Politics & Government

Marijuana legalization may be on ballot

Efforts to explicitly allow the sale of marijuana - whether medical or recreational - have so far failed to make it out of Olympia. Voters might just have the final word.

Proponents are trying to get a measure to make Washington the first state to legalize marijuana on the ballot this year. A potentially bigger, better-funded campaign is on the horizon.

“We’re very interested in the possibility of something being on the ballot in 2012,” said Alison Holcomb, drug-policy director for the state’s American Civil Liberties Union chapter, which is talking to potential supporters.

This year’s Initiative 1149 would legalize pot use and possession for people 18 and older. Volunteers are passing petitions around in an attempt to get it on the November ballot but had tallied just 17,093 signatures between March 18 and last week. Organizers need 241,000 valid signatures.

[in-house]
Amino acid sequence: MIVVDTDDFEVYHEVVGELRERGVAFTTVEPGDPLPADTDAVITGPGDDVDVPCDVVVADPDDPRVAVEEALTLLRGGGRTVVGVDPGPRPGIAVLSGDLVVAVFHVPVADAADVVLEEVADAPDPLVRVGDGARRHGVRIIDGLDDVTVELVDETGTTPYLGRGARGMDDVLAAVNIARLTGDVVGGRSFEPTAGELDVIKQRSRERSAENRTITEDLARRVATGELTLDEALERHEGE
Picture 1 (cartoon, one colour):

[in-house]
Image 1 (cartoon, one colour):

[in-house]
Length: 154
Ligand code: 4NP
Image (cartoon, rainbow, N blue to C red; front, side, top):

The group raised $18,600 between December and March and spent most of it. It was enough to pay for printing and mailing petitions but not enough to hire professional signature gatherers.

“Somebody with a big checkbook could simply pay us on to the ballot. That would be super,” said I-1149 co-author Douglas Hiatt, a Seattle attorney.

The ACLU has political and policy objections to I-1149: It’s being tried in a year when turnout could be relatively low, and it would legalize marijuana while leaving regulation of the drug up to the Legislature.

The lack of regulations “poses a big problem with voter comfort,” Holcomb said. If lawmakers can’t agree on rules, she added, “Then we have an unprecedented Wild West.”